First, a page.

Additionally, we are unclear how MCL 722.22(i) makes a classification based on sexual orientation. Nothing in the words of the statute does, and our Court has already stated that this statute applies equally to same-sex and opposite-sex marriages. Stankevich, 313 Mich. App. at 238 n. 2, 882 N.W.2d 194. Nor can we allow any perceived inequities for a particular party to control our duty to objectively apply the law. Progressive Mich. Ins. Co. v. Smith, 490 Mich. 977, 978-979, 806 N.W.2d 494 (Young, C.J., concurring).
For these reasons, we reverse the trial court's holding that MCL 722.22(i) is unconstitutional as applied to plaintiff,9 but affirm the trial court's ultimate order dismissing plaintiff's complaint for custody.
Affirmed. No costs, a question of public importance being involved. MCR 7.219(A).
I respectfully dissent. At the heart of this case lies the well-being of a minor child who, without reason or justification aside from the fact that his parents were in a same-sex relationship and were not legally permitted to marry, has been denied the opportunity to continue a relationship with one of his parents, as well as his biological sibling. The foundation of the majority's conclusion permitting this action, that MCL 722.22(i) is constitutional on equal-protection and due-process grounds as applied to plaintiff, is grounded in its correct recognition that plaintiff and defendant were not legally married. However, the pivotal and very unfortunate fact not in dispute in this case is that plaintiff and defendant were legally forbidden by the state of Michigan from entering into a legally recognized marriage (1) before MEG was born, (2) on the date of his birth, July 26, 2011, and (3) in the time thereafter, before the breakdown of their romantic relationship. It was not until June 26, 2015, when the United States Supreme Court recognized that no person should be denied the fundamental right to marry, that members of same-sex relationships were afforded the basic human right to join in marriage, and all its attendant benefits, rights that all other Americans enjoyed before this date. As a result of the injustice that existed before Obergefell v. Hodges, 576 U.S. ––––, 135 S.Ct. 2584, 192 L.Ed.2d 609 (2015), and which the Obergefell Court sought to remedy, plaintiff was legally foreclosed from taking the necessary steps to protect her relationship with MEG. The one who bears the bitter consequence of his parents' legal inability to marry is young MEG, and the end result of this case in this Court is that plaintiff will play no part in MEG's life and MEG will have no further relationship with his biological sibling. I cannot countenance such a result, particularly in light of the controlling United States Supreme Court precedent recognizing the right of same-sex couples to marry and to avail themselves of the concomitant benefits, and for the reasons set forth below, I would reverse and remand for further proceedings.1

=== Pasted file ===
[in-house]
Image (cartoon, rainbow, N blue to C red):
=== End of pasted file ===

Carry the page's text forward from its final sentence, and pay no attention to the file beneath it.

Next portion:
I. MCL 722.22(i)
The Child Custody Act (CCA), MCL 722.21 et seq., governs custody, parenting time, and child support issues for minor children in Michigan. MCL 722.24(1). As this Court has observed, the CCA “is the exclusive means of pursuing child custody rights․” Aichele v. Hodge, 259 Mich. App. 146, 153, 673 N.W.2d 452 (2003) (quotation marks and citation omitted). The Legislature has also directed that the CCA, legislation that is “equitable in nature,” should be “liberally construed․” MCL 722.26(1). MCL 722.22(i) defines ‘‘parent’’ in the following terms:
“Parent” means the natural or adoptive parent of a child.
If plaintiff is not a biological parent or a legal parent, she is considered a third person under the CCA. Van v. Zahorik, 460 Mich. 320, 328, 597 N.W.2d 15 (1999). The parties do not dispute that plaintiff does not meet the definition of a third person as contemplated by MCL 722.26c. Plaintiff also does not have standing under the CCA as a guardian or limited guardian. See MCL 722.26b. Therefore, this Court must decide whether, under the circumstances of this case, the definition of ‘‘parent’’ in MCL 722.22(i) violates plaintiff's equal-protection and substantive-due-process-rights because it excludes from its ambit plaintiff, a member of a same-sex partnership that bore a child, who was legally prohibited from marrying her same-sex partner and adopting MEG before the United States Supreme Court's landmark decision in Obergefell. I answer this question in the affirmative and would hold that MCL 722.22(i) is unconstitutional as applied to plaintiff.